Around much of the country, churches are beginning (or have already finished) making their plans for what their reentry to in-person gatherings will look like. As we see restrictions lifted and the encouragement to return to a socially distant sense of "normal" it's worth our time as pastors and ministry leaders to look at the reentry as more than a restart.
At Emmanuel, our target date for reentry is June 7. It's a bit later than what Florida has allowed, and we chose to delay our reentry so we could make sure we have enough supplies, protective equipment, and are able to set ourselves up for what worship will look like in the reentry phase. That means converting our Fellowship Hall into overflow seating, removing Bibles, hymnals, and other things from the pew racks, doing a thorough cleaning, and stocking up on supplies (do you have any idea how hard it is to find things!).
Throughout this quarantine season, my refrain to our church has been "When we get back together in-person, we're blowing the roof off the place." I still want to see that. We're not sure what kind of crowd we'll have on the 7th, but we're going to be loud. We're going to sing, we're going to clap, we're going to cheer, we're going to scream "Amen!" It's going to be a time of joy, of fellowship restored, and of a hope reminded. For us, it will have been 84 days since we last gathered.
Pastors, don't just treat your first Sunday back like it's another normal Sunday. Your church has been through a difficult season. People have been discouraged, many have been personally affected by COVID-19, some may not be back to work yet, and all of us have come through this profoundly changed. It's not just another Sunday. Every Sunday is a refreshing of the good news of the Resurrection, but some Sundays are different. This will be one of them.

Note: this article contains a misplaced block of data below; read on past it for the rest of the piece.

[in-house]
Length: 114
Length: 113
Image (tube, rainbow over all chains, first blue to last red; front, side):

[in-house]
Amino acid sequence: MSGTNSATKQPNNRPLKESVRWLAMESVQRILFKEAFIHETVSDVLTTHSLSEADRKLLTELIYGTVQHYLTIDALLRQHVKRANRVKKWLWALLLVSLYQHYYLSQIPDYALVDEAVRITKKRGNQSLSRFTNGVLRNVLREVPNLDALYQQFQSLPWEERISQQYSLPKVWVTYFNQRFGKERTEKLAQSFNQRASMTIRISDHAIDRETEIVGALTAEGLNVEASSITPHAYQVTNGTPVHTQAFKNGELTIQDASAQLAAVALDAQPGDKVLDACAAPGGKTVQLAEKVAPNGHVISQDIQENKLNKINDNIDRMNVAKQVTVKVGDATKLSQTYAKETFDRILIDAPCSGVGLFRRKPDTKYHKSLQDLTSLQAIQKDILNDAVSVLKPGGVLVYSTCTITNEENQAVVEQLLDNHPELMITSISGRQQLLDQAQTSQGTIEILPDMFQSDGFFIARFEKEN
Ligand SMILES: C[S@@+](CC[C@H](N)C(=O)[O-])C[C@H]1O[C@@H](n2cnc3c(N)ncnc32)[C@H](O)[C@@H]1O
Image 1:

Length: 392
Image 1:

Take time to celebrate. It's a good thing to cheer for what God has done. In every tragedy, there are always reminders of grace and goodness. Find those. Celebrate them. Recognize and share the good things that have come over these last weeks.
Take time to pray. We know when we reenter in-person worship, we won't have everyone there. There will be a number of our folks, including some key leaders, who won't feel comfortable being in a public space like that yet. We know names and faces of people in our communities who have been affected by this crisis, whether it be their health or employment or family hardship. We know thousands will be grieving. We know that we aren't out of the woods yet. So take time to pray on that first Sunday.
Recalibrate around a healthy doctrine of the church. The church only exists when it is assembled. That means we are made for fellowship and togetherness with one another. We cannot function, much less exist, without being together. Seasons may preclude us from meeting, whether it be a global pandemic or you wake up with a sick kid on a Sunday morning, but our natural and general desire should be to gather together on a weekly basis.
Refocus on what the mission is. One of the blessings of this season has been that it has shown us what is and isn't important in our worship lives. Our mission is the Great Commission through the Greatest Commandment. We don't exist for the secondary stuff. That's what was taken from us during COVID. We lost the fellowship dinners and small groups and weekly events. But what wasn't lost was our task to take the Gospel to the ends of the earth as we love God and love Neighbor. That's why we're here. For Emmanuel, God put us at 8305 US Hwy 301 so we'd be a witness to our community.
Love the church. Even though we're not going to be able to interact like we normally could, we still have to look at that first Sunday back as a way to renew our love for the church. As hard as it is, we cannot resume shaking hands, hugs, or taking the hand of a widow to tell her you've missed her. That shouldn't stop us from loving one another. We've spent time praying for/with one another, we've met needs by providing food and resources, and we've shared grief and joy over the phone and Zoom.
Scott M. Douglas
A blog about leadership and the lasting legacy of family ministry.